For one of our trips in 2014, Bill and I took the Amtrak to Whitefish, Montana to visit Glacier National Park. Below are some of the things I enjoyed the most while we were there.

Mountains in the background reflecting in to the lake in the foreground.

Avalanche Lake

Once you reach the end of the Avalanche Trail – and even along the way – you realize just how spectacular Glacier is. Coming off the trail and viewing the reflection of the mountains surrounding the lake reminds you just how small you are in this world. As we hiked out to Avalanche Lake, I continually pronounced it Avalaunch Lake – which, according to “Planet Earth II”, is the British way of saying it, so I guess I was just channeling that. Throughout our visit, and to this day, I still tend to pronounce it Avalaunch. (It drives Bill crazy.) I don’t know why I do it. I guess Avalaunch Lake just rolls off my tongue more easily.

High Line Trail

A feat certainly not for those with a fear of heights, the High Line Trail affords anyone who dares to venture with amazing views and solitude. It does take some planning, however, as you start at one end and finish in a totally different spot nearly 12 miles away. We opted to park at The Loop (where we would finish the hike), and attempted to take the shuttle to the Logan Pass Visitor Center to pick up the trail from there. Each time the shuttle stopped it was full and we were unsuccessful in securing a ride that way. We did, however, request a ride from an older gentleman who had stopped to use the restroom and was on his way to the visitor center with his wife. It was an enjoyable ride – sharing stories of our travels along the way. Soon we arrived at the Logan Pass parking lot and went our separate ways.

Along the trail Bill and I encountered squirrels, marmots (including one so large we thought it might be a wolverine), a bear (well ahead of us), and panoramic views that will never be forgotten.

As part of the trek, we also ventured up the Garden Wall Trail to Glacier Overlook. This short, .6 mile off chute is quite steep and narrow – certainly not for the ill-prepared – but it was worth doing for the view of Grinnell Glacier!

Just west of the Highline and Garden Wall Trail intersection is Granite Park Chalet. Bill and I stopped here for a snack break. If/when we return to Glacier, we have discussed hiking to and staying overnight at Granite Park Chalet. We can then potentially revisit Garden Wall Trail with fresh legs instead of on wary legs that have been hiking for over 7.5 miles.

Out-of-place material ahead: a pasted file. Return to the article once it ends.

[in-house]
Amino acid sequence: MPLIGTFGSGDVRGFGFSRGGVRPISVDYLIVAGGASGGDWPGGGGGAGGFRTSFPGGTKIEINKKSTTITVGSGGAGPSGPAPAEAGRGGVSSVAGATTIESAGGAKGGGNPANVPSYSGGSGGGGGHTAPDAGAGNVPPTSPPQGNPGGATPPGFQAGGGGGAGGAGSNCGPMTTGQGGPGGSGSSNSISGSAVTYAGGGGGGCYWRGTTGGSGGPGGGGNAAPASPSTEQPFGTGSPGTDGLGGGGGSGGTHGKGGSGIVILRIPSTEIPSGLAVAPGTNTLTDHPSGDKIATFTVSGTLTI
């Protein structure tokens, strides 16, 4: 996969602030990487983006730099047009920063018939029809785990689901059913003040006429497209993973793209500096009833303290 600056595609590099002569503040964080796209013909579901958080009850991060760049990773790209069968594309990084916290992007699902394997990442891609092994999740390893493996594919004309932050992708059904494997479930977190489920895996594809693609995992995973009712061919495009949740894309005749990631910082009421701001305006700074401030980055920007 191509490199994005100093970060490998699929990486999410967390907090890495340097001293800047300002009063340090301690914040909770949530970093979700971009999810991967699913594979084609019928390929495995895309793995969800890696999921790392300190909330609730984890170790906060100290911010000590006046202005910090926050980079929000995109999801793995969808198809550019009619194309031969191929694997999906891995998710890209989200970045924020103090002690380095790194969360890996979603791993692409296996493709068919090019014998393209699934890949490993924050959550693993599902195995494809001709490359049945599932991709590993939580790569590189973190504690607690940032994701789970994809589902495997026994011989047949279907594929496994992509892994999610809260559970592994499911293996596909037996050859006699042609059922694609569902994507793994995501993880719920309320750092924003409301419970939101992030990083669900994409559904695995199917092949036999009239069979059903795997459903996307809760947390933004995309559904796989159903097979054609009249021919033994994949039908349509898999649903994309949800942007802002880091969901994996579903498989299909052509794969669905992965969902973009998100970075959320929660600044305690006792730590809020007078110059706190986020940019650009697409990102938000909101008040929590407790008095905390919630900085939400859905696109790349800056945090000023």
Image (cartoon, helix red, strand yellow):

St. Mary KOA

During part of our visit, we stayed at the St. Mary KOA, and would most definitely stay there again! Their platform tent sites include beds with custom KOA mattresses that we would love to have at home. It had the perfect softness and was extremely comfortable. Perfect for a good night’s sleep after a long day of hiking. And the rustic furniture had exquisite charm.

Collage of three photos. Cinnamon colored black bear on the left, big horn sheep in the middle, and family of three mountain goats on the right.

Bears, and Sheep, and Goats – Oh my!

All throughout Glacier we encountered wildlife. On the first day (and nearly every day we were in the park) we spotted a few bear. Bear watching is Bill’s favorite activity when we are in National Parks that bears call home – so this made him quite happy. While in the parking lot of the visitor’s center we were surprised by a few big horn sheep who decided to run through. And as we were driving we saw a family of mountain goats standing on a cliff up above the road.

Muesli and Chocolate Chip Scones

One morning we decided to set out for the Lake McDonald area of the park and chose to enjoy brunch at the lodge there. I was delighted by the chocolate chip scones and muesli they offered! I enjoyed the muesli so much I debated asking if they sold it so I could take some with me. I refrained from making the request, but I still remember it to this day!

Young adult female with dark hair in a ponytail wearing a black jacket and sunglasses standing in the foreground with her arm outstretched posing as if she is holding the moose that is standing in the water in the background.

All the Moose!

While Bill enjoys spotting bears, I much prefer to see moose. (Which, of course, is far more difficult to accomplish.) In Glacier, however, we were quite fortuitous. A short hike from the parking lot on Swiftcurrent Pass Trail, Fishercap Lake is an absolute must if you are looking for moose in Glacier. Within two minutes of arriving at the lake, a moose emerged and we sat there watching for quite some time. We returned later and were graced with the presence of two moose! We did not spot any bull moose, but it was still a wonderful experience.

Adult female crossing a small wooden suspension bridge surrounded by forest.

North Shore Josephine Lake Trail

The North Shore Josephine Lake Trail was peaceful, with very few people around. It also had nice scenery, a unique suspension bridge over a creek, and the perfect tree for resting on.


Typically when hiking (in National Parks or otherwise), there are absolutely no restrooms available. In Glacier, however, we came upon outhouses on several of the trails in which we embarked. Not only were they were a welcome sight, but they also had rustic charm!

Glacier National Park is a must see for anyone who enjoys the outdoors. Especially if you enjoy mountains and wildlife. Be sure to add it to your wanderlist if it is not already there.